Researchers say that recent reductions in vehicle emissions have saved thousands of lives and hundreds of billions of dollars in the United States.
Researchers at Harvard University who study the environment and public health have studied the impact of reduced vehicle emissions for more than a decade. They found that the death toll dropped from 27,700 in 2008 to 19,800 in 2017, and the economic benefits of reducing emissions totaled US$270 billion.
In a study published on Wednesday in the Proceedings of the National Academy of Sciences, the researchers also concluded that if vehicles continue to emit 2008 air pollution levels throughout the period, the total number of deaths in 2017 will be 2.4 times higher .
Studies have shown that due to stricter supervision of fossil fuel companies and automakers, light vehicles such as cars, pickup trucks and SUVs are mainly responsible for reducing the health burden.
But the researchers found that these benefits are limited by population growth and aging, as well as by drivers buying larger cars and driving more.
“Despite significant progress in reducing emissions, this offsetting effect of population and large vehicles still exists,” said Ernani Choma, an environmental health researcher at Harvard University and lead author of the study. “Therefore, if we do not formulate stricter policies, it will be difficult to make substantive progress.”
According to experts who are not affiliated with the research team, although there have been previous studies on the health benefits and economic impact of emission reductions, this study more accurately describes how emissions affect public health.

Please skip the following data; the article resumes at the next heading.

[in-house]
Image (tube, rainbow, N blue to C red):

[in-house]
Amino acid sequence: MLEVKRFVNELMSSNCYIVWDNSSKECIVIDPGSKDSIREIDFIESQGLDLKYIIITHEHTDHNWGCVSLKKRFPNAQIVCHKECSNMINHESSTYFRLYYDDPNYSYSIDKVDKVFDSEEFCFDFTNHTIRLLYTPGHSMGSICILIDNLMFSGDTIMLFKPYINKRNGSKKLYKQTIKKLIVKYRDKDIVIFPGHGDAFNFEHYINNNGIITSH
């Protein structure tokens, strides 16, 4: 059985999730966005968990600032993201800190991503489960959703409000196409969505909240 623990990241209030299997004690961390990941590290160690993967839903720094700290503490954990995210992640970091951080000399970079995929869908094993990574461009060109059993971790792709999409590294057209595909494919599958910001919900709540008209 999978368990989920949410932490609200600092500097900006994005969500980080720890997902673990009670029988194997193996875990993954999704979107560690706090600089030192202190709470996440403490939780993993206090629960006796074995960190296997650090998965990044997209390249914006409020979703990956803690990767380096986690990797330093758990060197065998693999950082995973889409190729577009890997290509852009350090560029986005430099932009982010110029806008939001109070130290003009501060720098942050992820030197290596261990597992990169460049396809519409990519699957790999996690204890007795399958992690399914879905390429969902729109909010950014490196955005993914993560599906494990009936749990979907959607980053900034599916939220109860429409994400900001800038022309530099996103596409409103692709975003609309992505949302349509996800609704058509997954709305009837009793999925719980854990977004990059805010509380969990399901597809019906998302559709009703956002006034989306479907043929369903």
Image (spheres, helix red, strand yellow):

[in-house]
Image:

Sumil Thakrar, an air quality researcher at the University of Minnesota, said: “Good environmental policies have greatly reduced traffic emissions in the past decade.” “But it is difficult to understand the benefits of these emission controls well. , Because it needs to keep track of many other moving parts. And I think the author did a great job.”
The study also looked at the climate benefits of curbing air pollution from vehicles, but found that these benefits only accounted for 3% to 19% of the overall economic benefits.
Susan Anenberg, associate professor of environmental and occupational health and global health at George Washington University, said this is because most of the ways the United States reduces traffic emissions are aimed at curbing air pollution, not climate change.
“Catalytic converters, diesel particulate filters, they are removing pollutants from (the environment), but they have no effect on (carbon dioxide),” she said.
This is one of the reasons why Qiao Ma and his colleagues recommend stricter policies to curb emissions. He said another reason is that if the upward trend in population and vehicle size and usage continues, the policies that create health benefits highlighted in the study will not be as effective in the future.
He said: “If we look forward to 2030, nothing will change, you will only see a slight drop in the number of deaths caused by car exhaust. “So this is the case for stricter policies.”